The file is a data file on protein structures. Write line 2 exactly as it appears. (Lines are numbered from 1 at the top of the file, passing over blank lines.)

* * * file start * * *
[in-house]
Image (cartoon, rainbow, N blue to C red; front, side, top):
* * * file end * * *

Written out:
Image (cartoon, rainbow, N blue to C red; front, side, top):